7.  Let them help cook.  

 I saved  most important tip for last.  A 2012 study from the University of Alberta showed that kids who cook are more likely to enjoy fruits and vegetables.  When my boys went to the store with me, they helped pick out produce.  We talked about how to tell if a melon is ripe.  We looked for peaches with no bruises.  We inhaled the aroma of ripe strawberries.  They got to pick out a new fruit or vegetable to try each week!  When we got home, they helped put the fruits and veggies away.  Later, we chopped, mixed, and cooked.  Allow your preschooler to arrange colorful raw veggies on a platter for dinner.  Let your 2 year old dump ingredients into the bowl and then mix the apple salad.  A three year old can slice bananas with a table knife.  Kids love spending time with you!  It may take a bit longer to do the shopping or cook the meal.  But, the dividends of quality family time are immeasurable!

*Special thanks and shout out to Kira and Nathan for the lovely photos of their children for this post!  

Happy eating! 


What did I miss?  

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  1. Wish I knew as much then as I do now. I don't eat by a clock but eat when I'm hungry. As a nanny I serve veggies with hummus first and then some fruit. Sandwiches with pb&j last. If I didn't. one little girl would claim she was full before getting to those veggies. The things I wish I had done with my own but then again I wasn't really wild about veggies back then.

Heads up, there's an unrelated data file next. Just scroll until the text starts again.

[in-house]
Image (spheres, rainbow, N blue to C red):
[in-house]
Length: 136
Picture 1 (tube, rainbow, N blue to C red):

2. Yes, many of the tips in the article were certainly learned through trial, error, and time. I loosened up a lot on "rules" as I had more children. You learn as you go along.

  3. My daughter always grocery shops with me. When she was younger we'd cruise the produce aisles and pick out one fruit or vegetable to try that looked fun/interesting/extra colorful. She didn't always like them (heck, neither did I!), but she certainly tried a lot of things and we had fun doing it. She's a great eater now.

    1. Yes! I so agree! It's not about them liking every item. It's about them being adventurous and having a positive experience at shopping for and trying new foods. I remember from the time my boys were about 6 or 7 months old, I would have a running dialogue with them while they were in their car seat in the front of the grocery cart. I described the yellow bananas, talked about how soft and sweet bananas were, I let him smell the bananas. Some people smiled approvingly, others looked at my like I was a little crazy to be talking to an infant like they could understand me. But, I think this laid the foundation very early for them to know that food was a positive, fun, interesting thing! Thanks for stopping by, reading my blog, and commenting!